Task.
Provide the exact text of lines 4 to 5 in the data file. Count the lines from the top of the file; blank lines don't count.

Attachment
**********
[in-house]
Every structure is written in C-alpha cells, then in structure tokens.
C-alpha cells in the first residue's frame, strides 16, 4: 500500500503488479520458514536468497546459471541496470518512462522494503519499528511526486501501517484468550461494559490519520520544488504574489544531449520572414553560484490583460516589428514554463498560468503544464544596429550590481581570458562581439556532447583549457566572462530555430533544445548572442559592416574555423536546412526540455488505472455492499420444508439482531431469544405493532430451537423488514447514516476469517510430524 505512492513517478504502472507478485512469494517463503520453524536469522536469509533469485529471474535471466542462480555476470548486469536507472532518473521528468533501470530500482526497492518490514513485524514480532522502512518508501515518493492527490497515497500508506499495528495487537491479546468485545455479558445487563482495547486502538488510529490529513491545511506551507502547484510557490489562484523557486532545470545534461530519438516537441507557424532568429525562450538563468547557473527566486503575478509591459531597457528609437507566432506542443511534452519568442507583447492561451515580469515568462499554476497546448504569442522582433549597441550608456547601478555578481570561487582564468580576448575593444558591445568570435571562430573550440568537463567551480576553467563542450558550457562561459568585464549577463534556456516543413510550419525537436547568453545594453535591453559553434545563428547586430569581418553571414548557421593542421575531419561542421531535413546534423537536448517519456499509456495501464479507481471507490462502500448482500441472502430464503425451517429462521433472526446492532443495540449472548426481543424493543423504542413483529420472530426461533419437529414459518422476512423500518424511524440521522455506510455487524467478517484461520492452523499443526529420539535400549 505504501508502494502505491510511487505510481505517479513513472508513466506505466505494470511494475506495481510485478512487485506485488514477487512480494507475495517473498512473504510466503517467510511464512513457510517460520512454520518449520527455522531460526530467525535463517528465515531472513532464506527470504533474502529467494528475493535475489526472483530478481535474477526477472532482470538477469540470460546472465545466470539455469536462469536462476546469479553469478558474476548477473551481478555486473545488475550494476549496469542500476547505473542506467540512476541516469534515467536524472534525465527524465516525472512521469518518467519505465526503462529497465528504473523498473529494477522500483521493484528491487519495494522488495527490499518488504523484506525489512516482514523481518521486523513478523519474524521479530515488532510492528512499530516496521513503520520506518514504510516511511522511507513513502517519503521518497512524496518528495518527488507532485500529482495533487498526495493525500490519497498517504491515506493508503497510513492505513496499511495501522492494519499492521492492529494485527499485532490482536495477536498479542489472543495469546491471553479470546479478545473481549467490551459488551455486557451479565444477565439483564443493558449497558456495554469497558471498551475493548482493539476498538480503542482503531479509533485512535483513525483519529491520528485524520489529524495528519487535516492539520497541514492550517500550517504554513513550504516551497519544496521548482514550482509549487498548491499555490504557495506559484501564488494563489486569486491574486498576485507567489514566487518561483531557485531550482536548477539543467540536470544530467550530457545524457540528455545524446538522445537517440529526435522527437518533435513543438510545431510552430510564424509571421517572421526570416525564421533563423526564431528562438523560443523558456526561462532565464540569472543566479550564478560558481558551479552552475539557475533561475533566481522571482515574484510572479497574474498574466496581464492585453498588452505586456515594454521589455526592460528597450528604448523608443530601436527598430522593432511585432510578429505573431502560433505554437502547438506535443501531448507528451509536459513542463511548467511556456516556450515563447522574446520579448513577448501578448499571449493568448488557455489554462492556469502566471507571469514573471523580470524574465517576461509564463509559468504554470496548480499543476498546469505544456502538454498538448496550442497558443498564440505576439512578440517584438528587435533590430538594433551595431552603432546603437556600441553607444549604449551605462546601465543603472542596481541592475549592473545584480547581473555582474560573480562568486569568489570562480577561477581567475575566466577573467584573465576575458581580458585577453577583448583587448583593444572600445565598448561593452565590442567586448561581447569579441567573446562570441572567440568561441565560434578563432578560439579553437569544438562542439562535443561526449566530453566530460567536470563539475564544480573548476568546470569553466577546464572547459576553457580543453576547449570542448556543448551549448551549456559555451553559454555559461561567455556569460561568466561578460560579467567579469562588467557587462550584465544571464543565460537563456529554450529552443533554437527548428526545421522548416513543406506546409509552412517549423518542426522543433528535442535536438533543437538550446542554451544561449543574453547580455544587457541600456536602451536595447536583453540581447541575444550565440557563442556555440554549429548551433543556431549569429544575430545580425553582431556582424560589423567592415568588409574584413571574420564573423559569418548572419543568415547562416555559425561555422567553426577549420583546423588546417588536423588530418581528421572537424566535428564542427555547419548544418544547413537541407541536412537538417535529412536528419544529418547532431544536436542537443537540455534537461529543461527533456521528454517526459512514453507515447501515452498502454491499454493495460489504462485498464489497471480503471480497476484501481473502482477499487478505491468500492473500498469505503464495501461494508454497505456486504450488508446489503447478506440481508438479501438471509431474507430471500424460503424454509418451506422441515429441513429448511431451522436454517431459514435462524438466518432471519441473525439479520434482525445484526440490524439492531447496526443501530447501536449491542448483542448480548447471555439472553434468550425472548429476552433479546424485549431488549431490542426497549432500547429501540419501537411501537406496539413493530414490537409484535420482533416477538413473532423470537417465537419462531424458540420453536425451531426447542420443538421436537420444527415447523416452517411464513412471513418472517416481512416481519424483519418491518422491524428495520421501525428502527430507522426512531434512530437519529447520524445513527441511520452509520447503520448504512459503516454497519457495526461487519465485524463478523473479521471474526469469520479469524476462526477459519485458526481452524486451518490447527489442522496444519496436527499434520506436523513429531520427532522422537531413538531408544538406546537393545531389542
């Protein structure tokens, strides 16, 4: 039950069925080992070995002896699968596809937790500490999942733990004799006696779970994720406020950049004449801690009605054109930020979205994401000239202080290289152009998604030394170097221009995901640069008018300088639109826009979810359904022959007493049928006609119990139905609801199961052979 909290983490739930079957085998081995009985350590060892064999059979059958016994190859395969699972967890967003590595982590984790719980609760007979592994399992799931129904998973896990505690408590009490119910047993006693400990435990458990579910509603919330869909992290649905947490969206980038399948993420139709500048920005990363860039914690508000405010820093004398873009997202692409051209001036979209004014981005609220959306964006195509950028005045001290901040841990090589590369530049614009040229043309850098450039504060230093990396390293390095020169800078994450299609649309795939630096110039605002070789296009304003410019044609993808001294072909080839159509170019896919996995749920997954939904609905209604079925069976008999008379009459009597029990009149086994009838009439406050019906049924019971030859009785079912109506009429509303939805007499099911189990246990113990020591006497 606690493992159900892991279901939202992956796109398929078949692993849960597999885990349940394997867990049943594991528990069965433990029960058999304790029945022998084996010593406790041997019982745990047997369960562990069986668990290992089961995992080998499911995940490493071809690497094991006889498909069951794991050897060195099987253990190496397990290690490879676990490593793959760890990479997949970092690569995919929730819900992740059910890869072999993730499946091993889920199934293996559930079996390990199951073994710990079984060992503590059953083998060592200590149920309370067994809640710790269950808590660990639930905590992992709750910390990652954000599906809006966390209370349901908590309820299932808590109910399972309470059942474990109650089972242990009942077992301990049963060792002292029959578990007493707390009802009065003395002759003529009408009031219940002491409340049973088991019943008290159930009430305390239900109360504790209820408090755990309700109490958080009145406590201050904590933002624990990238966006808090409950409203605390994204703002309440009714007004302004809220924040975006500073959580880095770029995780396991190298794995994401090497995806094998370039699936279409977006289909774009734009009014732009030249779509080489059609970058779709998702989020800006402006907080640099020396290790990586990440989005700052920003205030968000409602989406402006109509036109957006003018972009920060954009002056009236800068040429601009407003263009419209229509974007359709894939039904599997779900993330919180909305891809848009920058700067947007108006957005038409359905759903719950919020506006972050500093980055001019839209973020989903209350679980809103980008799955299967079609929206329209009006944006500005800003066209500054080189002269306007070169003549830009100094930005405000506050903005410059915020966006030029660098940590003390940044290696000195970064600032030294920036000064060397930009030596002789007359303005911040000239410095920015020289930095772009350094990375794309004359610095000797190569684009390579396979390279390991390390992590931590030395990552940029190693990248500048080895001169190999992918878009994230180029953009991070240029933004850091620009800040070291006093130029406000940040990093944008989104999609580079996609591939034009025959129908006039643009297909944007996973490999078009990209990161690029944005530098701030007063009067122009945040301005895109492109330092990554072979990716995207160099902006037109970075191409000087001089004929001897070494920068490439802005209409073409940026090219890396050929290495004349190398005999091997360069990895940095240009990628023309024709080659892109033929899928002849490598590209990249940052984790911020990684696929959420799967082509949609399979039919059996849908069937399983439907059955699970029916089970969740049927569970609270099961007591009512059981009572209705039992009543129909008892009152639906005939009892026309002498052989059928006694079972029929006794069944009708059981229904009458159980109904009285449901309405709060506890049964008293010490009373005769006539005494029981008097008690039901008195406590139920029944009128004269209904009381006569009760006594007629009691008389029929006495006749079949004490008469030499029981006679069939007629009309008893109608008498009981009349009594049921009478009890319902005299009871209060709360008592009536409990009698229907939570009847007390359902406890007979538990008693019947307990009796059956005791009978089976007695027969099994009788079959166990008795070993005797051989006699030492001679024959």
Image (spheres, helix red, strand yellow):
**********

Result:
């Protein structure tokens, strides 16, 4: 039950069925080992070995002896699968596809937790500490999942733990004799006696779970994720406020950049004449801690009605054109930020979205994401000239202080290289152009998604030394170097221009995901640069008018300088639109826009979810359904022959007493049928006609119990139905609801199961052979 909290983490739930079957085998081995009985350590060892064999059979059958016994190859395969699972967890967003590595982590984790719980609760007979592994399992799931129904998973896990505690408590009490119910047993006693400990435990458990579910509603919330869909992290649905947490969206980038399948993420139709500048920005990363860039914690508000405010820093004398873009997202692409051209001036979209004014981005609220959306964006195509950028005045001290901040841990090589590369530049614009040229043309850098450039504060230093990396390293390095020169800078994450299609649309795939630096110039605002070789296009304003410019044609993808001294072909080839159509170019896919996995749920997954939904609905209604079925069976008999008379009459009597029990009149086994009838009439406050019906049924019971030859009785079912109506009429509303939805007499099911189990246990113990020591006497 606690493992159900892991279901939202992956796109398929078949692993849960597999885990349940394997867990049943594991528990069965433990029960058999304790029945022998084996010593406790041997019982745990047997369960562990069986668990290992089961995992080998499911995940490493071809690497094991006889498909069951794991050897060195099987253990190496397990290690490879676990490593793959760890990479997949970092690569995919929730819900992740059910890869072999993730499946091993889920199934293996559930079996390990199951073994710990079984060992503590059953083998060592200590149920309370067994809640710790269950808590660990639930905590992992709750910390990652954000599906809006966390209370349901908590309820299932808590109910399972309470059942474990109650089972242990009942077992301990049963060792002292029959578990007493707390009802009065003395002759003529009408009031219940002491409340049973088991019943008290159930009430305390239900109360504790209820408090755990309700109490958080009145406590201050904590933002624990990238966006808090409950409203605390994204703002309440009714007004302004809220924040975006500073959580880095770029995780396991190298794995994401090497995806094998370039699936279409977006289909774009734009009014732009030249779509080489059609970058779709998702989020800006402006907080640099020396290790990586990440989005700052920003205030968000409602989406402006109509036109957006003018972009920060954009002056009236800068040429601009407003263009419209229509974007359709894939039904599997779900993330919180909305891809848009920058700067947007108006957005038409359905759903719950919020506006972050500093980055001019839209973020989903209350679980809103980008799955299967079609929206329209009006944006500005800003066209500054080189002269306007070169003549830009100094930005405000506050903005410059915020966006030029660098940590003390940044290696000195970064600032030294920036000064060397930009030596002789007359303005911040000239410095920015020289930095772009350094990375794309004359610095000797190569684009390579396979390279390991390390992590931590030395990552940029190693990248500048080895001169190999992918878009994230180029953009991070240029933004850091620009800040070291006093130029406000940040990093944008989104999609580079996609591939034009025959129908006039643009297909944007996973490999078009990209990161690029944005530098701030007063009067122009945040301005895109492109330092990554072979990716995207160099902006037109970075191409000087001089004929001897070494920068490439802005209409073409940026090219890396050929290495004349190398005999091997360069990895940095240009990628023309024709080659892109033929899928002849490598590209990249940052984790911020990684696929959420799967082509949609399979039919059996849908069937399983439907059955699970029916089970969740049927569970609270099961007591009512059981009572209705039992009543129909008892009152639906005939009892026309002498052989059928006694079972029929006794069944009708059981229904009458159980109904009285449901309405709060506890049964008293010490009373005769006539005494029981008097008690039901008195406590139920029944009128004269209904009381006569009760006594007629009691008389029929006495006749079949004490008469030499029981006679069939007629009309008893109608008498009981009349009594049921009478009890319902005299009871209060709360008592009536409990009698229907939570009847007390359902406890007979538990008693019947307990009796059956005791009978089976007695027969099994009788079959166990008795070993005797051989006699030492001679024959």
Image (spheres, helix red, strand yellow):